Now that we’re wrapping up week seven (eight? Hundred?) of this new world order, I’m starting to get really tired of depressing news. I’m tired of hearing about the growing death count, of thinking about all we’ll lose when this is over, and tired especially of all the worrying I have to do for the many healthcare workers I know on the frontlines of this disease.

Tired as I am, it sometimes feels like I can’t help but take in all the news about the virus that’s available to me, and part of that has been listening to the Daily while l doomscroll through my Twitter feed. There was an episode of the Daily earlier this week that wrapped up with a quick conversation between Michael Barbaro and the Times’ health and science reporter, Donald G. McNeil Jr., about a possible silver lining of this nightmare moment: the opportunity for meaningful, lasting change.

McNeil brought up the period after the World Wars, when Americans demanded things like G.I. Bill, federally-sponsored mortgages, and better health care — and got it.

“I hope that sort of era comes again,” he said. “And that we will do more to make sure that we take care of each other, and that that’ll go through all levels of society.”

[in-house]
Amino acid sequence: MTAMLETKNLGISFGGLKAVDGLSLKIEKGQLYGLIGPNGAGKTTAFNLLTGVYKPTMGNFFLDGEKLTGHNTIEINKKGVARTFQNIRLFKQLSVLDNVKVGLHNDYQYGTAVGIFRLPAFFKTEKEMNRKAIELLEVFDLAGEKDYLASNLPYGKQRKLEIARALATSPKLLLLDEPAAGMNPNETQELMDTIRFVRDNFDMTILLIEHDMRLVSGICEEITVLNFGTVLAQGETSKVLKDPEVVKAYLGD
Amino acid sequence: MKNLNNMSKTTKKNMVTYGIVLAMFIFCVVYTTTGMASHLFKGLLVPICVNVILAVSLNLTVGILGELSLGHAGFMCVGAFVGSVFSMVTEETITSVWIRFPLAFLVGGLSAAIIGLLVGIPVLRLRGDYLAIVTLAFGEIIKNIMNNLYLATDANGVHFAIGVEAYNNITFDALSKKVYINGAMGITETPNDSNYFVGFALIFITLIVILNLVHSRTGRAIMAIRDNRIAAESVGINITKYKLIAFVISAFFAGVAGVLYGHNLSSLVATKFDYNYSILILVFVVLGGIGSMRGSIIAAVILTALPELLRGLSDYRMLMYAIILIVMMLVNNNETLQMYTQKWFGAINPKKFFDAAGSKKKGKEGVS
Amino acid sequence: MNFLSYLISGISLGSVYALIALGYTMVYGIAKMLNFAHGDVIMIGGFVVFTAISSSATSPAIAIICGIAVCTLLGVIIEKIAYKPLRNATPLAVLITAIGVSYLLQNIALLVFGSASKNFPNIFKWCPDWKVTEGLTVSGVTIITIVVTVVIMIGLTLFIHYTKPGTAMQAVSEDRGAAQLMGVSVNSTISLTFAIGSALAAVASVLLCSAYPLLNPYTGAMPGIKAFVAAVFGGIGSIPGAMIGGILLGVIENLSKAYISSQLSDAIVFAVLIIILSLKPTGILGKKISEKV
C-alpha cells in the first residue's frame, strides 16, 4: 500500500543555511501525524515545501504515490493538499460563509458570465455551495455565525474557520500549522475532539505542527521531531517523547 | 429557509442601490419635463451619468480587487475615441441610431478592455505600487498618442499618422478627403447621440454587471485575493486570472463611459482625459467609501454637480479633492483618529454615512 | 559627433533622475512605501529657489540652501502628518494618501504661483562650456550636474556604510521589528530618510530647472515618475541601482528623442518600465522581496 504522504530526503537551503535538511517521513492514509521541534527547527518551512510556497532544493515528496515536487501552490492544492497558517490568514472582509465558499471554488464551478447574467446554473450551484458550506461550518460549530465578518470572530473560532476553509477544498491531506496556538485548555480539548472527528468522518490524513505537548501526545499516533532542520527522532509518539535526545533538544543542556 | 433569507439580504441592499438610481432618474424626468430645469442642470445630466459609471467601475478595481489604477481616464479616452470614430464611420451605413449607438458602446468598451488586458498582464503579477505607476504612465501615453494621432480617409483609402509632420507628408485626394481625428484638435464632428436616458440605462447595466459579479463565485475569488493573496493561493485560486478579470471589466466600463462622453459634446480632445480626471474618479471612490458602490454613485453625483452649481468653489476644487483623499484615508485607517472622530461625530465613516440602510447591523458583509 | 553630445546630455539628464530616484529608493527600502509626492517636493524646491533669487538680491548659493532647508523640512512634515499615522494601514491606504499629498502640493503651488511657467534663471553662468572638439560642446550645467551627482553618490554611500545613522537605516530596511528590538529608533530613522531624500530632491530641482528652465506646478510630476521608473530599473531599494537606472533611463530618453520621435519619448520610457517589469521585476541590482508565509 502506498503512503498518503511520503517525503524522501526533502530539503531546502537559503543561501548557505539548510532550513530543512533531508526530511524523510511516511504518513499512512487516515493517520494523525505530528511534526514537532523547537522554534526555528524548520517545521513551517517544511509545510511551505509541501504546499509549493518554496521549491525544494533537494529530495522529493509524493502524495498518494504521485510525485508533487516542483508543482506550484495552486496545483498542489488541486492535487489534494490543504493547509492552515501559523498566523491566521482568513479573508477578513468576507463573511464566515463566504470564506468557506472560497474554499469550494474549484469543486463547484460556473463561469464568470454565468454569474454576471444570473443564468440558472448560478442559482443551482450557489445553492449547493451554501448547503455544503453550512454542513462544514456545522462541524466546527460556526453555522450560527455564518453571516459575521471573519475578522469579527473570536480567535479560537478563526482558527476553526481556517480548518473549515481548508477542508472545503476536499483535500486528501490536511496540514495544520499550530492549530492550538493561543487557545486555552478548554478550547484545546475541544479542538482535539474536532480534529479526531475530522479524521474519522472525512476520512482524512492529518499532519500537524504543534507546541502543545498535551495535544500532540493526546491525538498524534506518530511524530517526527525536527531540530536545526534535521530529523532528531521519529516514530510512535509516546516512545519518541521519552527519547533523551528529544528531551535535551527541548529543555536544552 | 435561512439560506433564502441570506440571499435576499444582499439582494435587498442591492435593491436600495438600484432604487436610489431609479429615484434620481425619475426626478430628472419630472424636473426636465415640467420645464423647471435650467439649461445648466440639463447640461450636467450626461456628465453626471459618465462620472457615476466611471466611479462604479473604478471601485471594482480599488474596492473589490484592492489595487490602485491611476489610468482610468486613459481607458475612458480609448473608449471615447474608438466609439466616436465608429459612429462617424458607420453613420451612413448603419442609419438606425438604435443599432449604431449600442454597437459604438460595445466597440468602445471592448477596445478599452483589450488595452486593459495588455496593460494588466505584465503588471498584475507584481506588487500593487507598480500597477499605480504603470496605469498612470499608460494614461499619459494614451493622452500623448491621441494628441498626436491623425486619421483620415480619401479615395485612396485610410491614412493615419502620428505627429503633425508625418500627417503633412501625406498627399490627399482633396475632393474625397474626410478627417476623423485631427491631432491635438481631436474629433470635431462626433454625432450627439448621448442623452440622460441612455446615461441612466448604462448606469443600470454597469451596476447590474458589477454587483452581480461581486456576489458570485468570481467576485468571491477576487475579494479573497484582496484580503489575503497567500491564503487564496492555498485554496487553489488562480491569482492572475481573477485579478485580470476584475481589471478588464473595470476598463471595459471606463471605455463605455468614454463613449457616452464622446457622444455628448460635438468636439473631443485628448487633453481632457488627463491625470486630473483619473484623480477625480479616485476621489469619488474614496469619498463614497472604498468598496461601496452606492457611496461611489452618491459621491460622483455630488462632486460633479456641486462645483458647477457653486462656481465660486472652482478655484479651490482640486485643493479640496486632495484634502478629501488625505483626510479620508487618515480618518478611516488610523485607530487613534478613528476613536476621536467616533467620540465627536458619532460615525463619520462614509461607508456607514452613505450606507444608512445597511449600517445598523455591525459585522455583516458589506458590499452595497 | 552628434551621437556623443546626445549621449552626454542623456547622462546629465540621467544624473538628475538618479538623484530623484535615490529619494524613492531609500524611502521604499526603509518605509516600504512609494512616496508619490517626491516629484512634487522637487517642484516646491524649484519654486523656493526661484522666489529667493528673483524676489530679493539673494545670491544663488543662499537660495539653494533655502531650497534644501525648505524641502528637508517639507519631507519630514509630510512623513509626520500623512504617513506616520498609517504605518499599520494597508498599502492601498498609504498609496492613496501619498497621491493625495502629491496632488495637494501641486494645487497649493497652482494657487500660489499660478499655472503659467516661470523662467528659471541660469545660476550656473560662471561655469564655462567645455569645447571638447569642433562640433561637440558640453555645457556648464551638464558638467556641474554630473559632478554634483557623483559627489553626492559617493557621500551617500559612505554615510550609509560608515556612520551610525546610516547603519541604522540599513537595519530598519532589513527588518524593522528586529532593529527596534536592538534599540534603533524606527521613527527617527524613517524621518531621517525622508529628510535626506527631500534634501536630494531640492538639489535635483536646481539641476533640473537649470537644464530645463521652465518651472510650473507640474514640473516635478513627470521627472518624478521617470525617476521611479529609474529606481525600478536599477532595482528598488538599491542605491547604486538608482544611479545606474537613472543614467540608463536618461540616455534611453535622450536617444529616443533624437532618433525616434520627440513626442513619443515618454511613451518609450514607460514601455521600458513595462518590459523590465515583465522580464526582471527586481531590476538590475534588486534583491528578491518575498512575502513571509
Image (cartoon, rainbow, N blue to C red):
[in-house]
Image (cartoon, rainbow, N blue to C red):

It made me think of a discussion I’d had in a speculative fiction class I took last fall, where after reading the Feminist Utopia Project, the professor had asked us to imagine what higher education would look in our own utopias. If you could reshape these institutions to operate and serve you perfectly, she’d asked, how would you do it?

It’s an exercise I’ve been thinking back to a lot in the past two months as we’ve collectively started to question how our systems work, and why they seem to be cracking under the pressure. Like McNeil, I’ve been taking comfort in the fact that we’re going to come out on the other end of this with the acknowledgement that we need change, and the motivation to make that change happen. This is a chance to reshape higher education, and do away with the elements of it that aren’t serving us. If there’s any hope, the powers that be in academia are already having these conversations.

When colleges open up again, it better not be business as usual

In the past week, my university has started reaching out to students taking summer classes for “technology check-ins” to find out if they have the necessary computers and access to reliable internet needed now that in-person instruction has been suspended. While it’s good to see those needs being addressed, it struck me that this was the first time since getting to college that I’ve ever been asked that question. It shouldn’t take a crisis to get college officials to check in with vulnerable populations. If anything, this is proof that when you wait for the worst to happen, you’ll be critically unprepared.

A recent survey from the American Association of Collegiate Registrars and Admissions Officers and the Hope Center, found that while most colleges offer some kind of resource to meet the needs of their students, estimates on the percentage of students impacted by basic needs insecurity varies widely. In my vision of the future, proactive advising for students in need of food, housing, transportation, and health care is a given.